5. Hike the Pai Canyon
Located 8km from the town, this Canyon is a highlight of Pai. From here, you can have a look over high rock cliffs and the green valley. Someone said that this is the best place to catch a sunrise and sunset but don’t bother the first. Pai is on the mountain, so the morning is usually misty and cloudy. Sunset is the perfect time in Pai Canyon when the sky changes to an astonishing array of colors.
Beautiful sunset in the Canyon (Photo: Matthew Bousquet)
6. Explore Lod Cave (Tham Lot)
Lod Cave is a spectacular limestone system. In fact, this cave is not in Pai, but it’s close enough to worth a trip. Located about 35km headed towards Mae Hong Son, you will go up the mountains with many twists and turns. You will be required to hire a local guide to explore the impressive stalactites and stalagmites in the cave (150 baht for a group of 3). To take a bamboo raft down the river that runs through the cave, you will have to pay another 300 baht per group. All the fee must be paid at the entrance so it’s better to join with 2 others and make a group. You will save quite a lot of money.
Located about 35km headed towards Mae Hong Son, Tham Lod Cave is a spectacular limestone system (Photo: Drewhopper)
7. Drink tea at Ban Santichon (Chinese village)
The peaceful village locates only 4 km west of Pai. Once you get here, it might be your favorite place in Pai. From Yunnanese food, the gorgeous pot of Chinese tea, pony rides to mountain views, this breathing Chinese village are worth exploring.
Stop at Chinese village to enjoy a Chinese green tea (Photo: thebutterflyeditions)
8. Relax in a hammock
The Container is a cool cafe with egg-shaped hammocks that overlooks the hills. How peaceful it is when you are lazing in a hammock, reading a book, drinking a good coffee and watching the whole world passing by quietly and slowly.
Laze in a hammock, read a book and enjoy the peaceful life of Pai (Photo: mijnrealiteit)
9. Walk at Walking Street Market
Strolling in Pai’s Walking Market is not like typical Thai Night Markets. The shops are a little smaller and more chilled out with souvenirs, locally crafted pottery, jewelry, clothes shops and a variety of food vendors. It’s more than just Thai street food like Kao Niew Ma Muang (mango sticky rice) and Pad Thai, it’s bruschetta, chai tea, Pikachu hats, samosas, coconut balls and so much more. The Walking Street opens from 4 pm to 11 pm every night – enough time for you to experience the lively life here.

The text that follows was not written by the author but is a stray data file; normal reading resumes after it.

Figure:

Although Pai is known to be a sleepy town by day, at night it comes to life (Photo: Thailand)
What you shouldn’t do in Pai
Several tour guides highlight “Long neck” tribe as one of the most attractions in Pai where you can see Karen women with a lot of rings around their neck. Many visitors who made that tour said it felt like they were visiting a “zoo” where young and old women with long necks sitting to be photographed. It should be the time for these women stop this tradition instead adding rings to the neck of 5 or 7-year-old girl in order to draw more and more foreigners with cameras.
Do you think it’s time to stop putting rings on the children’s neck?
If you fall in love with this peaceful and dreamy town and plan a visit, consider including Chiang Rai, Chiang Mai into your trip. You can compile all the best things of northern Thailand in the 5-day itinerary as our suggestion:
– Day 1: Chiang Rai
Explore Thailand’s culture and history with famous sites such as Wat Rong Khun, The Golden Triangle, Thai Majesty’s Royal Villa, Buddhist shrine at the peak of Doi Tung, hill-tribe villages Akha and Lahu, and Chiang Rai’s Night Bazaar.
– Day 2: Chiang Mai
At Chiang Mai, you will have a chance to discover a numerous of ancient temples including Wat Umong, Wat Pha Lat, Wat Phra That Doi Suthep, and Wat Chedi Luang.
– Day 3: Chiang Mai
The third day is the time to get your adventurous adrenaline rush. You can choose either hike up Doi Inthanon – Thailand’s highest mountain, fly zip line through the jungles or go water rafting at the Mae Taeng river.
– Day 4: Chiang Mai
Now it’s time to pamper yourself after the adventure on day 3. You can rejuvenate at one of many Spas in Chiang Mai then go shopping at walking streets.
– Day 5: Pai
Escaping the bustling city to quiet Pai. It’s all about relaxing here.
Still can’t make up your mind? Designed your own tour to Pai HERE with our experts’ help.